Game Development Reference
(Rendering, Physics, Logic, Audio, ...)
Base Engine Libraries
(Memory management, debugging, File IO, ...)
Figure 1.6. Dependency layers.
Aspects should be designed to keep this kind of sharing to a minimum. Static
resources like the current graphics device/context or window handle should not
be shared between aspects, though where sharing is unavoidable, these should
provide a mutex to control access.
By maintaining these rules, aspects will operate independently and be much
easier to maintain and replace. An audio aspect using one API will be inter-
changeable with an aspect using another API. Each aspect can therefore be de-
veloped and tested independently, interacting with each other by manipulating
the engine core.
The engine manages all aspects through a single interface, initializing, updat-
ing, and shutting down aspects in an order specified by the user of the engine.
This could in theory be performed through data, allowing the engine to construct
itself from dynamically linked libraries at runtime.
Each aspect should maintain an internal structure of references to nodes in which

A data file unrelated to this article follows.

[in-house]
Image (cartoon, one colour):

it is interested. Interest is determined by querying the node's attributes looking
for specific patterns. For instance, a node with an identifier matching a rigid
body would be of interest to the physics aspect, whereas one that referenced a
geometry and material instance would be of interest to the render aspect. The
nature of this structure and the way it references the nodes can be tailored to
the aspect, allowing the most ecient solution for the functionality it provides.
This could be a spatial tree for operations based on the relative position of nodes,
such as frustum culling visible nodes against a camera node, or a simple linked
When an aspect is registered with the engine core, it parses the whole of
the existing scene graph and registers interest in any nodes. From then on it will
receive events regarding changes to nodes and to the structure of the scene graph,
allowing it to synchronize its own internal structures.